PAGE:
'Frankenweenie' an homage to the classics
When it comes to Tim Burton, there is a clear pattern in the quality of his films. Whenever his works are original ("Ed Wood," "Big Fish," "Edward Scirssorhands"), they're usually pretty good. Whenever he tries to retell a familiar story, ("Alice in Wonderland," "Planet of the Apes") he reaches varying levels of bad. His newest film "Frankenweenie" mostly fits into the latter category, but thankfully, it breaks the trend.
As one would guess, "Frankenweenie" tells the story of "Frankenstein," but instead of a mad scientist and a monster, we have a boy, Victor (Charlie Tahan) and his faithful dog, Sparky. After Sparky is hit by a car and killed (yes, this scene will make you cry), Victor uses electricity to revive him, but then has to hide him from his parents and townsfolk. The relationship between the two is well-established and developed, and the scenes of a reincarnated Sparky wandering around the town make for great comedy. And Victor is made out to be more than just the generic school kid with affection for his companion. The movie has a very playful, lighthearted tone about it, so it's a lot of fun, with the emotional draw played at just the right level.
The character set in "Frankenweenie" is enormous, and they play off of each other very well. They include an enjoyable Igor-like character named Edgar (Catherine O'Hara), an obese child named Bob (Robert Capron) and a crazed-yet-fascinating science teacher. Most of the characters are stereotypical, but very colorful and enjoyable. The size does appear to work against it at times. There is a female character, Else (Winona Ryder) who seemed to be Victor's love interest. But she is given so little screen time nothing really develops.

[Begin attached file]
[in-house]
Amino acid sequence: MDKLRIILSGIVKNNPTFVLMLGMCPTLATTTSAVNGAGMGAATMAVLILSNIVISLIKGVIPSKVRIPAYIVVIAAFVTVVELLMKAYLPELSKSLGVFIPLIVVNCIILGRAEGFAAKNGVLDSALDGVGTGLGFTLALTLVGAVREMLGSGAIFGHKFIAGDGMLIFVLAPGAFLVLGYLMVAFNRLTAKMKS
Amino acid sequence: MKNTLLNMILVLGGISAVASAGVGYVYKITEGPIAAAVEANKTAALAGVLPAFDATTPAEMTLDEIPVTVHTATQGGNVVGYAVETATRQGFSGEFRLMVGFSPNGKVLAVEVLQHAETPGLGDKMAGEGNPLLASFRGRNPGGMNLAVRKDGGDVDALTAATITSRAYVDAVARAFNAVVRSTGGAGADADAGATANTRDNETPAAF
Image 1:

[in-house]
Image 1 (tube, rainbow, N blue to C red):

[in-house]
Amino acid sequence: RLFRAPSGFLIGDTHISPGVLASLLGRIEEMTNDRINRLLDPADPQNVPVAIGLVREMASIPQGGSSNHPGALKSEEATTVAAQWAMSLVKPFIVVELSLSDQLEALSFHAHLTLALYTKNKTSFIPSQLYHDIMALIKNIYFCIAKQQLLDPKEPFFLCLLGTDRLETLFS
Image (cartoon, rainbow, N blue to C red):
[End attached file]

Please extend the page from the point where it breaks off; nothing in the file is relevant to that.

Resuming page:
The film pays homage to not only "Frankenstein" but many classic monster movies, and there are mountains of references, from a character with the surname Van Helsing to the fact that the crazed science teacher is voiced by Martin Landau. These are fun to pick out and give something extra for the adult audience. Unfortunately, the references eventually take control of the plot, causing it to fly off the handle toward the third act. The film had a small, sweet story going for it, and out of nowhere, it transforms into a more traditional monster film, with Victor and Sparky almost forgotten. While it does become very entertaining, and I'm glad I got to see it, the film would have been better if it didn't divert from its original path.
The animation is what we would expect from Burton. Human appearances are exaggerated, with enormous eyes and gangly limbs. Burton isn't afraid to hit us with grotesque and even unpleasant imagery at times. While not always pleasing to the eye, it is always interesting, refreshing and sometimes adorable; I can't quite explain how, and I don't think anybody but Burton can. The lack of color works surprisingly well, and "Frankenweenie" as a whole is a unique stylistic entry in the genre.
Most kids today know horror films as slasher rampages, zombie takeovers and demonic possessions. "Frankenweenie" is a really clever, humorous and heartwarming way to introduce them to the golden age of horror and all the monsters it spawned. I'm very happy this movie exists, especially after seeing it.
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